The interests of equity holders could be diluted if we issue additional equity securities. As of December 31, 2020, Vornado had authorized but unissued 58,645,321 common shares of beneficial interest, $.04 par value, and 58,386,598 preferred shares of beneficial interest, no par value; of which 21,582,407 common shares are reserved for issuance upon redemption of Class A Operating Partnership units, convertible securities and employee stock options and 11,200,000 preferred shares are reserved for issuance upon redemption of preferred Operating Partnership units. Any shares not reserved may be issued from time to time in public or private offerings or in connection with acquisitions. In addition, common and preferred shares reserved may be sold upon issuance in the public market after registration under the Securities Act or under Rule 144 under the Securities Act or other available exemptions from registration. We cannot predict the effect that future sales of Vornado’s common and preferred shares or Operating Partnership Class A and preferred units will have on the market prices of our securities.
In addition, under Maryland law, Vornado’s Board of Trustees has the authority to increase the number of authorized shares without shareholder approval.
Loss of our key personnel could harm our operations and adversely affect the value of our common shares and Operating Partnership Class A units.
We are dependent on the efforts of Steven Roth, the Chairman of the Board of Trustees and Chief Executive Officer of Vornado. While we believe that we could find a replacement for him and other key personnel, the loss of their services could harm our operations and adversely affect the value of our securities.
RISKS RELATED TO REGULATORY COMPLIANCE
Vornado may fail to qualify or remain qualified as a REIT and may be required to pay federal income taxes at corporate rates.
Although we believe that Vornado will remain organized and will continue to operate so as to qualify as a REIT for federal income tax purposes, Vornado may fail to remain so qualified. Qualifications are governed by highly technical and complex provisions of the Internal Revenue Code for which there are only limited judicial or administrative interpretations and depend on various facts and circumstances that are not entirely within our control. In addition, legislation, new regulations, administrative
interpretations or court decisions may significantly change the relevant tax laws and/or the federal income tax consequences of qualifying as a REIT. If, with respect to any taxable year, Vornado fails to maintain its qualification as a REIT and does not qualify under statutory relief provisions, Vornado could not deduct distributions to shareholders in computing our taxable income and would have to pay federal income tax on its taxable income at regular corporate rates. The federal income tax payable would include any applicable alternative minimum tax. If Vornado had to pay federal income tax, the amount of money available to distribute to equity holders and pay its indebtedness would be reduced for the year or years involved, and Vornado would not be required to make distributions to shareholders in that taxable year and in future years until it was able to qualify as a REIT and did so. In addition, Vornado would also be disqualified from treatment as a REIT for the four taxable years following the year during which qualification was lost, unless Vornado were entitled to relief under the relevant statutory provisions.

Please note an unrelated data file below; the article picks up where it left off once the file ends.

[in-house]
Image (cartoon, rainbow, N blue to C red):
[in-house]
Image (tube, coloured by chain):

We may face possible adverse federal tax audits and changes in federal tax laws, which may result in an increase in our tax liability.
In the normal course of business, certain entities through which we own real estate either have undergone or may undergo tax audits. Although we believe that we have substantial arguments in favor of our positions, in some instances there is no controlling precedent or interpretive guidance. There can be no assurance that audits will not occur with increased frequency or that the ultimate result of such audits will not have a material adverse effect on our results of operations.
At any time, the U.S. federal income tax laws governing REITs or the administrative interpretations of those laws may be amended, including with respect to our hotel ownership structure. We cannot predict if or when any new U.S. federal income tax law, regulation, or administrative interpretation, or any amendment to any existing U.S. federal income tax law, Treasury regulation or administrative interpretation, will be adopted, promulgated or become effective and any such law, regulation, or interpretation may take effect retroactively. Vornado, its taxable REIT subsidiaries, and our securityholders could be adversely affected by any such change in, or any new, U.S. federal income tax law, Treasury regulation or administrative interpretation.
We may face possible adverse state and local tax audits and changes in state and local tax law.